Illustrations

Inktober 2018: Wild Things in New York City

For this year’s Inktober, I drew a series of wild things in New York City, from fish in Chinatown markets to lavender on Governor’s Island to parakeets that reside in Southern Brooklyn. What I really liked about this year’s challenge was that I told myself I could only use one box of Blick Brush markers and a single black pen. Restricting color made me more resourceful in needing to use texture, layered colors, and black pen brush strokes with fast drawing techniques to give the impression of what I wanted. I also enjoyed forcing myself to draw something with color every day. I don’t feel the same about each drawing, some were made quit fast or at coffee shops even while on vacation, but a few I really love now. I see them each as a beginning of a larger idea just maybe.

I’m now gearing up to work on a portfolio for 10 to 12 images for the SCBWI New York Conference in February. I’m pretty nervous! But I found a lot of inspiration from this Inktober challenge for that. I’m thinking I might want to do a lot of New York City wildlife scenes for my portfolio, maybe turtles in Central Park or raccoons sneaking into trash cans.

Summer Vegetables Free Pattern

I'm in the middle of moving all of my possessions but I'm not letting that stop my constant art school of life approach to learning always.

I've been having a lot of fun making patterns recently, using old sketches, work doodles, and even things I've found on random pieces of paper. This one of summer vegetables I made from an unfinished sketch at least three years old. I'm loving my new color palate here.

Download the free summer vegetable pattern, too.

 

 

Free Cats Desktop Wallpaper for June

Happy June!

I want to illustrate a full children's book dummy about a New York City bodega cat this summer. So here's a wallpaper I made with my sketchbook studies I've done for the project. Repeat patterns are a great way to keep me occupied and slowly chipping away at the goal while binge watching an  TV show.

Download the cat desktop wallpaper.

A Coney Island of the Mind

 

When I was in ninth grade, with extremely frizzy hair and a strange sense of style that only the early aughts could produce, I met a librarian who told me about poetry. It was a simple breakthrough in my life of books.

This librarian helped me finish an assignment for my honors english class one afternoon at our town's public library. She also serendipitously told me I should I read Lawrence Ferlinghetti's A Coney of the Island of the Mind, too

Up until that point, I'd really never had an adult show me the good stuff in reading beyond me stealing my mom's Oprah paperbacks. It ushered in a desire not just for poetry but for all kinds of books I'd hadn't been thinking about.

I loved Ferlinghetti's anti-classical form instantly, how what he wrote spoke to feelings I'd had about living in our times even if we experienced different Americas. He was nothing like the sonnets we were learning in class. I didn't need to track his literary devices. I didn't even know who or what the beats were, but I felt like I could actually read what he wrote.

I bought his book on my own after returning that library copy. I never really loved Kerouac or the other beats after that. It was always A Coney Island of the Mind for me.

Even today, I think about his style, especially in this weird time and place in the world. I still have my copy that I move with me from apartment to apartment. Once in San Francisco, I stopped in City Lights hoping I'd get a sighting of him.  Maybe I will someday.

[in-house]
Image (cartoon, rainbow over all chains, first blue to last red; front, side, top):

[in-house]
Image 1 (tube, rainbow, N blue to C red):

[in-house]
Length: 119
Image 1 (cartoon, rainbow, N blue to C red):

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I am waiting for my case to come up   
and I am waiting
for a rebirth of wonder
and I am waiting for someone
to really discover America
and wail
and I am waiting   
for the discovery
of a new symbolic western frontier   
and I am waiting   
for the American Eagle
to really spread its wings
and straighten up and fly right
and I am waiting
for the Age of Anxiety
to drop dead
and I am waiting
for the war to be fought
which will make the world safe
for anarchy
and I am waiting
for the final withering away
of all governments
and I am perpetually awaiting
a rebirth of wonder

(excerpt from I Am Waiting, Lawrence Ferlinghetti)

Free Lemon Desktop Wallpaper for May

Happy Almost Summer! I'm wearing a great vintage dress today that I thought I'd have to wait until the actual summer to wear because it's going to be in the 80s.  I also made a thrifted (Poshmark, you devil you!) purchase of bright yellow saltwater sandals that kind of match this months free wallpaper. Now I'm thinking I need them in gold, too?

In honor of that summer feeling, download my lemons wallpaper repeat pattern for your desktop.

I'd gladly take a trip to Cinque Terre Italy right now, to eat a slice of lemon olive oil cake.

Inspiration from Women Artists

March is Women's History month! So in honor,  here are a few articles I've saved over the past year or so to remind myself that the path to being an artist (or whatever you want to call it) is long and varied. It's also good to feel positive about women making it for their work and art whenever I'm feeling stuck or confused. It's not a competition, but a journey.

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Illustrator Yuko Shimizu on starting a creative career in your 30s and keeping home and work life separate

"From one point of view, I’ve succeeded, because I am making a living doing this. But even if I didn’t, the bottom line is that at least I have tried. If we try really hard and things don’t work out the way we want them to, we can move on. ."

Surface Pattern Designer Khristian A. Howell

"You would think I spend most of my day creating this fun artwork, right? Actually most of my days are filled with reviewing contracts, managing current licensing relationships, developing new licensing relationships, and researching (trends, what’s in the market, etc.) Everyday is different, which I love.

Two Artists Built a Website to Help Women Illustrators Get More Work